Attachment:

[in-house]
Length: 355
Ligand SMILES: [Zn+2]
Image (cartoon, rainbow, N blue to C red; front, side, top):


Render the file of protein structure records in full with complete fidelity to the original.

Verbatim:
[in-house]
Length: 355
Ligand SMILES: [Zn+2]
Image (cartoon, rainbow, N blue to C red; front, side, top):